The most widely debated topic in Romania these days is, once again, the legislation regulating the judicial sector.
The special parliamentary committee in charge with amending the laws in the judicial sector has drawn up new articles concerning the liability of magistrates. They stipulate, among other things, that judges and prosecutors are subject to civil, disciplinary and criminal liability for possible professional misperformance. However, an amendment introducing pecuniary liability for the damages caused by the magistrates has been dismissed.
The Liberal Deputy Catalin Predoiu, in opposition, explained: “We enter this discussion without preconceptions, and we share the view that there must be proper liability provisions concerning magistrates, just like in all other professions. On the other hand, we are concerned that this instrument may be used as a means to pressure magistrates, and with this in mind we will come up with further proposals. Some of these proposals are of a general nature, they are a matter of principle and should be developed in a separate legislative instrument.”
On behalf of the parliamentary majority, made up of the Social Democratic Party and the Alliance of Liberals and Democrats, the chair of the Senate’s judiciary committee Robert Cazanciuc denied that some of the more controversial amendments had been dropped as a result of a news release on this topic issued by the US State Department.
Robert Cazanciuc: “We have changed nothing from our original initiative. The talks so far have concerned very technical aspects, as you have noticed, and although some political statements have been made, the arguments put forth concerned concrete aspects, such as how to make sure that the new provisions will be actually implemented by judicial institutions. This was what it was all about, not what the US State Department said.”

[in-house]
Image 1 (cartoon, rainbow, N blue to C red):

The American diplomats had expressed concerns with Parliament preparing legislation that might jeopardise the fight against corruption and weaken the judicial sector’s independence from political pressure. The statement caused irritation in the ruling coalition, and delighted the Opposition. The Justice Minister Tudorel Toader said Parliament cannot be prevented from legislating, while the leaders of the 2 chambers, the Social Democrat Liviu Dragnea and the Liberal Democrat Calin Popescu-Tariceanu, issued a joint news release saying that “the debates, decisions and votes in Parliament are held in the name of the sovereignty of the people and cannot be subject to any form of pressure.”
The president of the National Liberal Party, Ludovic Orban, welcomed the position of the American diplomacy and called on the majority coalition to give up the changes to the laws on the judiciary. In turn, the head of Save Romania Union Dan Barna accused the Social Democratic Party of sacrificing the rule of law in order to protect Dragnea, who has already received a suspended sentence in a criminal case and is probed into in 2 others.
According to commentators, the American reaction comes after the European Commission had also said the global pace of reforms in the Romanian judiciary is slowing down, and the challenges to its independence are a major source of concern.